(2) Any order under this section may be enforced by warrant addressed to a police officer.

(3) No such order shall prejudice any right or interest to or in the real property which any person may be able to establish in a civil suit or in proceedings before the Nauru Lands Committee.

Rome Statute

Article 103 Role of States in enforcement of sentences of imprisonment


(a) A sentence of imprisonment shall be served in a State designated by the Court from a list of States which have indicated to the Court their willingness to accept sentenced persons.

(b) At the time of declaring its willingness to accept sentenced persons, a State may attach conditions to its acceptance as agreed by the Court and in accordance with this Part.

(c) A State designated in a particular case shall promptly inform the Court whether it accepts the Court's designation.


(a) The State of enforcement shall notify the Court of any circumstances, including the exercise of any conditions agreed under paragraph 1, which could materially affect the terms or extent of the imprisonment. The Court shall be given at least 45 days' notice of any such known or foreseeable circumstances. During this period, the State of enforcement shall take no action that might prejudice its obligations under article 110.

(b) Where the Court cannot agree to the circumstances referred to in subparagraph (a), it shall notify the State of enforcement and proceed in accordance with article 104, paragraph 1.

3. In exercising its discretion to make a designation under paragraph 1, the Court shall take into account the following:

(a) The principle that States Parties should share the responsibility for enforcing sentences of imprisonment, in accordance with principles of equitable distribution, as provided in the Rules of Procedure and Evidence;

(b) The application of widely accepted international treaty standards governing the treatment of prisoners;

(c) The views of the sentenced person;

(d) The nationality of the sentenced person;

(e) Such other factors regarding the circumstances of the crime or the person sentenced, or the effective enforcement of the sentence, as may be appropriate in designating the State of enforcement.

4. If no State is designated under paragraph 1, the sentence of imprisonment shall be served in a prison facility made available by the host State, in accordance with the conditions set out in the headquarters agreement referred to in article 3, paragraph 2. In such a case, the costs arising out of the enforcement of a sentence of imprisonment shall be borne by the Court.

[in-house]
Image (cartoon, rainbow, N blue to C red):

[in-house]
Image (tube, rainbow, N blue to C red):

Article 104 Change in designation of State of enforcement

1. The Court may, at any time, decide to transfer a sentenced person to a prison of another State.

2. A sentenced person may, at any time, apply to the Court to be transferred from the State of enforcement.

Article 105 Enforcement of the sentence

1. Subject to conditions which a State may have specified in accordance with article 103, paragraph 1 (b), the sentence of imprisonment shall be binding on the States Parties, which shall in no case modify it.

2. The Court alone shall have the right to decide any application for appeal and revision. The State of enforcement shall not impede the making of any such application by a sentenced person.

Article 106 Supervision of enforcement of sentences and conditions of imprisonment

1. The enforcement of a sentence of imprisonment shall be subject to the supervision of the Court and shall be consistent with widely accepted international treaty standards governing treatment of prisoners.

2. The conditions of imprisonment shall be governed by the law of the State of enforcement and shall be consistent with widely accepted international treaty standards governing treatment of prisoners; in no case shall such conditions be more or less favourable than those available to prisoners convicted of similar offences in the State of enforcement.

3. Communications between a sentenced person and the Court shall be unimpeded and confidential.

Article 109 Enforcement of fines and forfeiture measures

1. States Parties shall give effect to fines or forfeitures ordered by the Court under Part 7, without prejudice to the rights of bona fide third parties, and in accordance with the procedure of their national law.

2. If a State Party is unable to give effect to an order for forfeiture, it shall take measures to recover the value of the proceeds, property or assets ordered by the Court to be forfeited, without prejudice to the rights of bona fide third parties.

3. Property, or the proceeds of the sale of real property or, where appropriate, the sale of other property, which is obtained by a State Party as a result of its enforcement of a judgement of the Court shall be transferred to the Court.